Rehabilitative Specialist Seating and Long COVID
The COVID-19 pandemic has created a tidal wave of need for rehabilitation. Long after individuals who experienced a mild case of the virus recover, many thousands will still be living with its devastating effects. Rehabilitation will be critical for survivors who present with long term problems. Additionally, rehabilitative services will be required by those who have become deconditioned as a result of social isolation and reduced access to healthcare for non-COVID-19 conditions.1
Rehabilitation will be complex as health and social services face unprecedented challenges. There will be a need for a multi-disciplinary holistic approach to recovery.
Why is Rehabilitation Important?
As waves of in-patients are discharged back into the community, many following long periods in critical care, health and social care services need to prepare for a range of respiratory, musculoskeletal, neurological and psychological challenges.2 Continuity of rehabilitation along a person’s care pathway is imperative as delays and/or interruptions can affect physical, psychological and emotional recovery.3
The extent of the rehabilitation needs of the population will only emerge as times goes on; however, the NHS Discharge to Assess Model4 predicts that:
- 50% of people will not require health or social care input post-discharge.
- 45% of people will be able to be discharged home with support from health and social care.
- 4% of people will require rehabilitation in a bedded setting.
- 1% of people will have experienced a life-changing event and will be unable to be discharged home from the acute setting.
What Challenges Can Individuals Experience?
Individuals recovering from COVID-19 are expected to present with the following challenges5:
- Weakness – Anecdotal evidence suggests that a higher than usual incidence of intensive care acquired weakness is being recorded in COVID-19 patients compared to the general critical care population. Weakness can also be seen in those who become deconditioned from a non-critical care hospital stay, especially those who are frail. This decline in muscle mass and strength is linked to increased falls, functional decline, and increased immobility.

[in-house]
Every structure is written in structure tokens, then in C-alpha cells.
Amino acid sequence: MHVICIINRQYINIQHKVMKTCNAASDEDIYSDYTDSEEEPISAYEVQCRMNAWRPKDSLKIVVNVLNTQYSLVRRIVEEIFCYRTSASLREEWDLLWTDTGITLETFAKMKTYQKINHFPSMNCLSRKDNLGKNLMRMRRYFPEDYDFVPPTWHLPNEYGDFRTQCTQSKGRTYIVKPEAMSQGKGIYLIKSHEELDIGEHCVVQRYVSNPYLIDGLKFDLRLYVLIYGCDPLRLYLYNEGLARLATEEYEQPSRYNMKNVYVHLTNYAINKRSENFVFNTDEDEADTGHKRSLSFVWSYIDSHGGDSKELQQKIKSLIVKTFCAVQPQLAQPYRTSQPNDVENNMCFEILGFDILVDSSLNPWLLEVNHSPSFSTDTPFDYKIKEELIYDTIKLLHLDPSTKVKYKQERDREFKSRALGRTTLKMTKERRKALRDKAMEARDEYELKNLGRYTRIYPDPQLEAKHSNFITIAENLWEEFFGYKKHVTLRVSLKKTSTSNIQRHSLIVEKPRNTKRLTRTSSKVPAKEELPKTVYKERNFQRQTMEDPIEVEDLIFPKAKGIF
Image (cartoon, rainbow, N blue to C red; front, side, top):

- Fatigue – Fatigue is a common challenge reported by individuals following a critical care admission; however, COVID-19 patients are reporting extreme fatigue beyond the usually reported levels. This is likely to impact on the length of both recovery and need for supportive care packages and equipment.
- Pressure ulcers – It is predicted that all COVID-19 patients who need ongoing care will also need ongoing pressure ulcer risk assessment and appropriate therapeutic intervention, which includes pressure redistributing equipment.
How Can Specialist Seating Aid Rehabilitation?
Many aspects of a specialist chair, which are far superior to standard seating, will offer the support necessary to promote effective rehabilitation:
- Adjustability ensures that the chair can be set-up for the individual, as correct seat width and seat depth is vital for pelvic stability. Correct seat height is also critical for safe transfers, encouraging mobility and independence.
- Postural support throughout reduces the risk of secondary complications, such as postural deformities and functional decline, in those with generalised weakness.
- A range of trunk and head support options can encourage a safe upright symmetrical position that promotes optimum respiratory function, swallow ability and interaction.
- Tilt-in-space can help people with low muscle tone and reduced muscle strength to manage their available energy levels and promote rest by reducing the effects of gravity for a period of time.
- Early implementation of fatigue management strategies into daily life is critical, and could reduce the impact and the probability of fatigue becoming chronic.5
- Managing a person’s posture through appropriate seating can promote energy conservation making it easier for them to live a meaningful life.
- Adequate postural management can enable individuals to maintain an optimal sitting position, with the pelvis stable and the trunk in midline, to encourage the body segments to work efficiently.